I always thought it was personal choice. People do fluctuate between preferences, I'd hate to think we have no control over our decisions. I think it was a ploy to spread tolerance. Well intended, but no longer needed. i think we all understand now. But I say call a choice a choice, let people decide for themselves and don't condemn anyone. What a person feels/desires is not a choice, but what they do about it, is. You probably didn't choose to be attracted to the opposite sex any more than someone who is gay, did. Or do you think you think if you felt societal pressure you could choose to be gay?

Interesting thought.

Earl Snake-Hips Tucker
10-26-2001, 12:11 AM
I don't know about gay genes, but one study some years ago said that men with small hypothalamus glands are more likely to be gay.

bibliophage
10-26-2001, 02:20 AM
I want to avoid having a debate in this forum. Let's stick to the facts, people.

bibliophage
moderator GQ

Duck Duck Goose
10-26-2001, 08:48 AM
Well, one fact is that the results of the first study haven't been reproducible so far.

Another fact is that the first study was based on a really tiny sample.

And finally, I think I'm not too far out of line to state that it's not likely that anybody's gonna get any more funding to study it, now that we've all got that big red "A" hovering over us.

So, to address the OP, the existence of a "gay gene" is still just speculation--"not proven".

MMI
10-26-2001, 09:07 AM
I am not a geneticist (IANAG?) but earlier this year I read Genome, by Matt Ridley. It is at home, I am at work. (Alas, such is life)

IIRC, there is a gene that is active in a proportion (maybe 1/3) of the gay male population that is not active in non-gay males. So the most we can say right now is that there may be a genetic component in some male homosexuality.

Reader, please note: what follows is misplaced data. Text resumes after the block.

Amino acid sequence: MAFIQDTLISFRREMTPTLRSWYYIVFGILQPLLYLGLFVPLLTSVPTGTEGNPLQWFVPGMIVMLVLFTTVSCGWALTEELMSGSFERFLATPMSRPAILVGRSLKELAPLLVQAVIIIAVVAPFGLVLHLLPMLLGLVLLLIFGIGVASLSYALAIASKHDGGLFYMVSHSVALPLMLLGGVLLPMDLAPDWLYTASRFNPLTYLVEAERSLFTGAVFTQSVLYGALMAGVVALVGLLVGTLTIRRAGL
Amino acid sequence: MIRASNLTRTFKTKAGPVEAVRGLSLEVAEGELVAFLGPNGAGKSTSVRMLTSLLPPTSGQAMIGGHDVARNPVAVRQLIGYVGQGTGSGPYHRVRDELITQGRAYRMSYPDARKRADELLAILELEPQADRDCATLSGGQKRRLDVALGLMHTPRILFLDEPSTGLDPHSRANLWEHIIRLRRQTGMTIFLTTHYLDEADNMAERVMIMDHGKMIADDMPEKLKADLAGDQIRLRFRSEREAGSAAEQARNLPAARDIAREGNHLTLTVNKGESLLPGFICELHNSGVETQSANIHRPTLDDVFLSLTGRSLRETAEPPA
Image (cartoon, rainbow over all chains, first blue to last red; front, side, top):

I think there also may be some issue in separating out biochemical, environmental and pure hereditary factors in why a gene is active.

I should probably look through it again tonight

breaknrun
10-26-2001, 09:20 AM
Originally posted by Daowajan
I'm not too confident: the club that's sponsoring it is run by a girl who tried to pass off Klinefelter Syndrome (genetic disorder in which a man ends up with an extra Y chromosome(I think)) as a separate gender.


This just came up tangentially in another thread. Klinefelter's is a case of XXY so it's a man with an extra X chromosome. Caroline Cossey, a famous James Bond girl, is an example of this. Not all men who have Klinefelter's feel the need to crossdress or go through sex reassignment surgery.

Regarding the gay gene, I've been hearing similar things like gay men have brains more like women or some such for years. Never been proven yet. I imagine it would be in the news if a study ever conclusively settles this question.

booklover
10-26-2001, 12:05 PM
There's been all kinds of stuff in the news---you just have to keep your eyes/ears peeled. Among them is the hypothalamus & gene thing (for gay men) and the two really peculiar things that have popped up about lesbians: that, supposedly, we HEAR more like straight men do (has something to do with less ability to hear high-pitched sounds) and that a specific digit on lesbians' hands (ring finger, I think) is supposed to be longer than those of straight women. Both of the lesbian things are attributed to possibly being exposed to more androgens in the womb.

I don't know whether we'll ever settle the nature vs nurture question---I happen to think it's a combo of both.

RainbowDragon
10-26-2001, 12:46 PM
I have met a gay Joe, a gay Brian, and a gay Steve… Haven’t yet come across a gay Gene, so I doubt if he exists. If he does, I bet he is probably using his middle name instead.

Esprix
11-02-2001, 01:20 AM
If anybody does want a debate, I'd be happy to point you to the links in my .sig. Thank you.

Esprix

kniz
11-02-2001, 01:28 AM
Would that gene also have anything to do with an aptitude towards interior decorating?